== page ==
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Meals on Wheels aims to expand its services in New Cassel

Donald Wiessner, 87, of Westbury receives a Meals

Donald Wiessner, 87, of Westbury receives a Meals on Wheels delivery from local volunteer Ann Mandaro on Wednesday April 6, 2016. The group is looking to expand its offerings in New Cassel Credit: Newsday / Alejandra Villa

Meals on Wheels is rolling into New Cassel, a community where residents have long complained of poor access to affordable food.

The expansion of existing services comes as providers of the program, which delivers free meals to seniors with limited mobility, say the area is underserved.

About 185 people currently are served by the program in New Cassel, and neighboring Westbury and Carle Place, through a contract with the EAC Network, a Hempstead nonprofit that coordinates Meals on Wheels on a local level. The group has increased marketing efforts to attract more residents of those communities — among more than 1,200 seniors served in the Town of North Hempstead.

“So many people, especially the isolated older person, aren’t getting out,” said Carol O’Neill, senior director of senior and nutrition services for the EAC Network. “There really aren’t that many places where people can go to purchase food. A lot of people, especially older people, are on a limited budget.”

Residents have long advocated for more grocery stores within walking distance of the hamlet’s main thoroughfare, Prospect Avenue. The community’s first full-service supermarket, the Ideal Food Basket, opened in 2013.

O’Neill said the program does not accept applicants “based on their income,” but rather on their “inability to shop and cook for themselves, and not have a family member to do something for them.”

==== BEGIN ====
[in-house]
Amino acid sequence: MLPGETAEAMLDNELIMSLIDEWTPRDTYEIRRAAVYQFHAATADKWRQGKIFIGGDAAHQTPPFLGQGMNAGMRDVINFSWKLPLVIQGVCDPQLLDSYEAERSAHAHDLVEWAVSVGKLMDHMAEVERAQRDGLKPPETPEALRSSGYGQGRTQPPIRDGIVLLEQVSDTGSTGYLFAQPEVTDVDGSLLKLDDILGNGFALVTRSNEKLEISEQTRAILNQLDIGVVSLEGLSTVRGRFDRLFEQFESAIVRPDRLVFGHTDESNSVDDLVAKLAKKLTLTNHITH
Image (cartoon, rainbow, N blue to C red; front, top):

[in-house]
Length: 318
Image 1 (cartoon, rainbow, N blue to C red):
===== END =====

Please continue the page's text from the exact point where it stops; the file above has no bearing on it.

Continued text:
In New Cassel, with 14,000 residents, nearly 18 percent of residents live below the federal poverty designation.

North Hempstead Councilwoman Viviana Russell said that before the supermarket opened in New Cassel, “if you didn’t drive, you had to take a taxi cab to one of the surrounding areas.” She added that the Meals on Wheels effort is also important to neighboring Carle Place after the recent closure of a Waldbaum’s store — one of several on Long Island that closed after A&P, the parent company, filed for bankruptcy protection.

By publishing promotional materials in Spanish, Meals on Wheels organizers are working to reach members of the Hispanic community, who make up nearly half of New Cassel’s and a quarter of Westbury Village’s populations, according to 2013 U.S. Census data.

Students at Hofstra University have partnered with the nonprofit to publicize the program, said Gregory M. Maney, director of the university’s Community Partnerships at the Center for Civic Engagement.

About 5,000 organizations administer the Meals on Wheels program throughout the country, serving more than 2.4 million seniors. It was established in 1954.

EAC Network officials note that while they served 185 seniors in the Carle Place, Westbury and New Cassel areas last year, those residents received 30,000 meals, many more than members of other communities. The other roughly 1,000 residents in North Hempstead served by the nonprofit received about 6,000 meals, meaning there is “clearly a much larger need for Meals on Wheels and outreach in” those three communities, said Cassandra Huneke, a special events coordinator for EAC Network.

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